With a couple of simple fixes from Congress, billions of dollars could be put into the economy by allowing middle class families to refinance their mortgages and by keeping student loans at market rates.
Maybe they should talk to Super PAC mega-contributor Sheldon Adelson instead of Congress.
Adelson is the guy who bankrolled Newt Gingrich's Super PAC with over fifteen million dollars and is penciled in for more millions of dollars of right wing Super PAC political contributions.
They should talk to Adelson because he got a great deal from a bank yesterday: his Las Vegas Sands Corporation, a business with a junk-rating, got a sweetheart deal with investment-grade terms from the banks.
To be clear: a business with a risky investment rating got a deal that was better than the credit rating would suggest the business should get and that saved him tens of millions of dollars in interest payments.
This is the problem with our politics today.
Give a market rate refinance to a homeowner who missed a payment because she lost her job and her husband got sick with a pile of medical bills so the family doesn't default and the Tea Party goes nuts about socialism.
But a casino mogul? Hey, that's America. That's Capitalism!
I am not saying the banks shouldn't loan to the Las Vegas Sands Corporation. I am just saying that students and homeowners should get a good deal from our banks, too.
If they could get a fair shake on interest rates it would put money back in the economy. Billions of dollars. With easy fixes and no special breaks. Just market rates.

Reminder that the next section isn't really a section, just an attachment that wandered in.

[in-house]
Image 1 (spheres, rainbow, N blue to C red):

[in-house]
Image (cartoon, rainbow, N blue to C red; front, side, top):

Now this might hurt JPMorganChase's ability to make, and lose, multi-billion dollar speculative bets. But it would be great for the economy.
The only thing standing in the way: the very Republican Party that the owner of the junk-rated company, Sheldon Adelson, contributes tens of millions of dollars to.
Congress has legislation to fix both student rates and access to refinancing. But banks, with their taxpayer-insured savings accounts, bailout money and virtually no cost access to cash from the Fed are holding the line.
They don't want to lose lucrative, above market rate loans.
At a time when interest rates are at historic lows, in a bad economy where college graduates have a tough time getting their careers started, student loan rates are about to double thanks to Republicans in Congress.
It is one of those things that is easy to fix – if you want to fix it.
In July, 7 million students will see their rates double from 3.4 to 6.8 percent. While interest rates are at an all time low.
For homeowners, Congress could easily eliminate costly barriers and bank imposed impediments to refinance. Current interest rates could save homeowners, on average, $3,000 a year.
That's not a special rate – that is paying the current market rate. That is not lowering the principal on underwater mortgages. That is not giving access to investment-grade terms to junk-rated barrowers.
There is nothing free here.
Just paying the fair market price.
That money would go far in stimulating the economy, reducing foreclosures and resuscitating the housing market comeback.
Republicans prefer Mitt Romney's prescription: "Don't try to stop the foreclosure process. Let it run its course and hit the bottom."
It is easy for a guy with four houses to say that. And I am sure he got a great deal on the rate for his four-car elevator at his beachfront house.
The choice is simple: do you stand with Democrats for a thriving middle class and upward mobility in America? Or do you stand with the Republican vision of an Old European style Oligarchy where a few prominent families pass their influence and wealth from one generation to the next?
Or the very system our forefathers came to America to escape.
About Bill Buck
Bill Buck is Democratic strategist, President of the Buck Communications Group, a media relations and new media strategies consulting business based in Washington, DC, and Managing Director of the online ad firm Influence DSP. He has over twenty years of international and national communications experience. The views and opinions expressed in this post are those of the author and do not necessarily reflect the official policy or position of CBS Local.
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